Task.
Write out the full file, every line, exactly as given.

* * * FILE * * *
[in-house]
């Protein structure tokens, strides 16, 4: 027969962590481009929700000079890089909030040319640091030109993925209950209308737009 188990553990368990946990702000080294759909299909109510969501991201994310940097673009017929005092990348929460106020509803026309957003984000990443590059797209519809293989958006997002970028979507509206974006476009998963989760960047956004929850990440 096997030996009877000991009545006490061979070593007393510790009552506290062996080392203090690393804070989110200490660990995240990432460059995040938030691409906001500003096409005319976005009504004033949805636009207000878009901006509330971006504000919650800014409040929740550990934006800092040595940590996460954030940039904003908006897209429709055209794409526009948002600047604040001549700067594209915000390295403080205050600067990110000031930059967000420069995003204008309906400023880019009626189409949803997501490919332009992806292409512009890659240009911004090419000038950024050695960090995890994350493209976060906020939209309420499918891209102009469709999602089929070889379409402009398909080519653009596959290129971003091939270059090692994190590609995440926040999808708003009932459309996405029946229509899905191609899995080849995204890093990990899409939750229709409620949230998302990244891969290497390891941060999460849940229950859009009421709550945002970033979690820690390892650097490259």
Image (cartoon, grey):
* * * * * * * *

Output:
[in-house]
């Protein structure tokens, strides 16, 4: 027969962590481009929700000079890089909030040319640091030109993925209950209308737009 188990553990368990946990702000080294759909299909109510969501991201994310940097673009017929005092990348929460106020509803026309957003984000990443590059797209519809293989958006997002970028979507509206974006476009998963989760960047956004929850990440 096997030996009877000991009545006490061979070593007393510790009552506290062996080392203090690393804070989110200490660990995240990432460059995040938030691409906001500003096409005319976005009504004033949805636009207000878009901006509330971006504000919650800014409040929740550990934006800092040595940590996460954030940039904003908006897209429709055209794409526009948002600047604040001549700067594209915000390295403080205050600067990110000031930059967000420069995003204008309906400023880019009626189409949803997501490919332009992806292409512009890659240009911004090419000038950024050695960090995890994350493209976060906020939209309420499918891209102009469709999602089929070889379409402009398909080519653009596959290129971003091939270059090692994190590609995440926040999808708003009932459309996405029946229509899905191609899995080849995204890093990990899409939750229709409620949230998302990244891969290497390891941060999460849940229950859009009421709550945002970033979690820690390892650097490259």
Image (cartoon, grey):